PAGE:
I’ve always been told “never to look at the gross” on my paychecks. By the time that taxes from local, state, and federal government come out I’ll be left with a (more) paltry net sum. But it turns out that the same complex accounting that makes me look only at the net should increase my attention to the government’s gross. According to recent presentations to the President’s Fiscal Responsibility Commission, the US now carries a debt burden in excess of 80 percent of GDP. Yet many experts continue to quote the more reasonable-sounding “debt held by the public”, which produces a debt to GDP ratio closer to 60 percent.
The net value on a paycheck on a government budget or debt level measures only the value of transactions today. For an individual worker this makes since, I expect to receive payments tomorrow but only if I keep working. Yet the government obligates itself to make payments to long-standing programs like Social Security and Medicare well into the future. These future obligations generate massive differences between gross and net debt levels.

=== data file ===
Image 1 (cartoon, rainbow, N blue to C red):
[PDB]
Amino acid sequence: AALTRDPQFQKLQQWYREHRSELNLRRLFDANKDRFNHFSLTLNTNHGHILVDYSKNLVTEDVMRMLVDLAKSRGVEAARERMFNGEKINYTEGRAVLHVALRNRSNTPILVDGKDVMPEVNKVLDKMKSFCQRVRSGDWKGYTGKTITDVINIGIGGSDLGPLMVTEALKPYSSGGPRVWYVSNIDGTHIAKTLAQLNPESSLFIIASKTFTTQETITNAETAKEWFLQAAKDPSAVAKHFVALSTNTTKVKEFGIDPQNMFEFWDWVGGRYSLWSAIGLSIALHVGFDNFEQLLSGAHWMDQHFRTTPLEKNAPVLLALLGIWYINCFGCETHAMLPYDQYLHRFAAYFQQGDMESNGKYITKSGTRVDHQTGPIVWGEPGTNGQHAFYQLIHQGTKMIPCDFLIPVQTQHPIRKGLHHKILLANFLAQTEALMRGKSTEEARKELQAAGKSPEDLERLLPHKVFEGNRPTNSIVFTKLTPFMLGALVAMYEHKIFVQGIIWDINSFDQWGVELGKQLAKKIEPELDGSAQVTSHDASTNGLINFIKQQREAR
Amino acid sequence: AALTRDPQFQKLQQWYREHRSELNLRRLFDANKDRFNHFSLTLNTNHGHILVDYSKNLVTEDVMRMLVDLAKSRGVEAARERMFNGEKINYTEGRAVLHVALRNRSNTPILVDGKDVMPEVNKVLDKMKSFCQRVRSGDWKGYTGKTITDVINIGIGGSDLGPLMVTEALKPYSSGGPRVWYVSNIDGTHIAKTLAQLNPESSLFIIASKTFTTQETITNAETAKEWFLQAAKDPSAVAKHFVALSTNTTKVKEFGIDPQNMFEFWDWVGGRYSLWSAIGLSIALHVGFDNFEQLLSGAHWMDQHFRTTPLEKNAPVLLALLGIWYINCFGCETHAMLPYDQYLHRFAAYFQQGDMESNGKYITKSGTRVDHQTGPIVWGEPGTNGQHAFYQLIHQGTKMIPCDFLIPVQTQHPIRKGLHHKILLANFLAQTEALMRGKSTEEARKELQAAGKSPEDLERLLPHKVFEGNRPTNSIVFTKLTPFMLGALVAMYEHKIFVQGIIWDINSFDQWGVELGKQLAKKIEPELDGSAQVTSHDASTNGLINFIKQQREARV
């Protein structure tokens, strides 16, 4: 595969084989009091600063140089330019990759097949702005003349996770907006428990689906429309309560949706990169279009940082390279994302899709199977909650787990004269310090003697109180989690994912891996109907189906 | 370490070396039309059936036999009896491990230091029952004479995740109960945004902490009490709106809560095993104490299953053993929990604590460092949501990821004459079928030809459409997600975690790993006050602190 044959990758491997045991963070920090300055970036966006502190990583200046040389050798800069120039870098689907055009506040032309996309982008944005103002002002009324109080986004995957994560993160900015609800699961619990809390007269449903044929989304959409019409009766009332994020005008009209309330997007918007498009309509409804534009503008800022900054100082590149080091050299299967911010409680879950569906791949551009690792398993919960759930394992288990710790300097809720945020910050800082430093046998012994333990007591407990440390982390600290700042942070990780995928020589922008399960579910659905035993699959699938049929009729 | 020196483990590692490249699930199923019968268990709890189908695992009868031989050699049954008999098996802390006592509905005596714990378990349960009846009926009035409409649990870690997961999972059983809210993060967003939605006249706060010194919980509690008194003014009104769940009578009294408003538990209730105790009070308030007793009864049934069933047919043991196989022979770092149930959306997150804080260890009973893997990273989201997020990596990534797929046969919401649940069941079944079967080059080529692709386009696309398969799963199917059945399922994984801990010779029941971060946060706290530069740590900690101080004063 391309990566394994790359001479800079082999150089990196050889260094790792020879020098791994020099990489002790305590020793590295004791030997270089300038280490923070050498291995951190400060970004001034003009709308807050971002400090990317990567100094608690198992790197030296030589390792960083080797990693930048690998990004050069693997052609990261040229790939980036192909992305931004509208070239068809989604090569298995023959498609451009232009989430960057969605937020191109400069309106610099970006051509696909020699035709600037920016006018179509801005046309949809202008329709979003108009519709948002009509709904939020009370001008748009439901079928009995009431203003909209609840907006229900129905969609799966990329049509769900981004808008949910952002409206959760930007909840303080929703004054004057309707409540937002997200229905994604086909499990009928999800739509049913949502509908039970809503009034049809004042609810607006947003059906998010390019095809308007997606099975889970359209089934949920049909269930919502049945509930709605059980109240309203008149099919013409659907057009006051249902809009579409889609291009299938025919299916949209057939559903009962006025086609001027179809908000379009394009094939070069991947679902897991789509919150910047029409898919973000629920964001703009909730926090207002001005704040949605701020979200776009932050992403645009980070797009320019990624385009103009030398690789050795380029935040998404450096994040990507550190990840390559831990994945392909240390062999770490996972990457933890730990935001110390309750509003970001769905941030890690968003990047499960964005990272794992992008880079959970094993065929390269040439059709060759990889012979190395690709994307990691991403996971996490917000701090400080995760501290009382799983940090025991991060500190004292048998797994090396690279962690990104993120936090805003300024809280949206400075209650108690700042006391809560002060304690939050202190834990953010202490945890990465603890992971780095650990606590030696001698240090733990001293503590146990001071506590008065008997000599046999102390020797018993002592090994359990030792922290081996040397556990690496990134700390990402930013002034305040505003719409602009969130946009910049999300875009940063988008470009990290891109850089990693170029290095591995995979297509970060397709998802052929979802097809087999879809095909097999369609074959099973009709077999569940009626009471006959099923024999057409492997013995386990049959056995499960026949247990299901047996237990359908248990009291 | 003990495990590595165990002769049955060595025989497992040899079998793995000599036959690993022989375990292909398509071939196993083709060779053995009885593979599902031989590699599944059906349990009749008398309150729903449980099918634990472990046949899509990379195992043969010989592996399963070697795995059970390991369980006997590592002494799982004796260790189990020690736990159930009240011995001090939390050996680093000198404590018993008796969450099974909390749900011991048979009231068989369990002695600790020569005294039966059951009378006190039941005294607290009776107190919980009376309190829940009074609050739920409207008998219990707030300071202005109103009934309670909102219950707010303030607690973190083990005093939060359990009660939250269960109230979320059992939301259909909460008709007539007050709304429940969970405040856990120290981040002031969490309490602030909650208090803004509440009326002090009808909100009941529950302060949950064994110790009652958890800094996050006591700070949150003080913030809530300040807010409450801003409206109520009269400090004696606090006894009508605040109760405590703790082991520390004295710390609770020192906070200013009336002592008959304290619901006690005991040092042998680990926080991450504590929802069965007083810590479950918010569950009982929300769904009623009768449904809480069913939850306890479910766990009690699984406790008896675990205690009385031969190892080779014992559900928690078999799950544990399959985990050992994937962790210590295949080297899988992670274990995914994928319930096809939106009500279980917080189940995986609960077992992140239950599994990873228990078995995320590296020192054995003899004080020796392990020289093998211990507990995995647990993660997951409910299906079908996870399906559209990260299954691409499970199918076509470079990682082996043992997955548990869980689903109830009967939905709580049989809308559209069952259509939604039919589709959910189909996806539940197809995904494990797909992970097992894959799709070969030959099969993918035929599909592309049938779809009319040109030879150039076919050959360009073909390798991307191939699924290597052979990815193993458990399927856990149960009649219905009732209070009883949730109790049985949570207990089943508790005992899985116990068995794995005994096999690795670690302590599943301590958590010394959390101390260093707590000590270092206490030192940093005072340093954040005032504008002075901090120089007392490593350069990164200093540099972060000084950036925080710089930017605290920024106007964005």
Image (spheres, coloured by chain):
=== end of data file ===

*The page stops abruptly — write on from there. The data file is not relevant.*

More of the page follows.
As the figure below shows, the United States resembles other advanced economies in hidden gross debt.
Emerging economies have a lesser wedge between net and gross debt primarily because they have weaker social safety nets. Of course, the United States created it's safety nets in punctuated phases. Take for instance, the first Social Security beneficiaries who got very large benefits relative to their contributions. If an emerging market economy were to start such a program immediately it would of course radically alter the gross/net wedge
What separates the United States from both advanced and emerging markets is the sheer size of all debt. Within the IMF data, the United States ranks only behind Greece, Italy, Japan, and Belgium in its level of overall debt. In fact in 2010, IMF estimates show the US crossing the 90 percent threshold cited by Reinhart and Rogoff as a trigger for debt crises.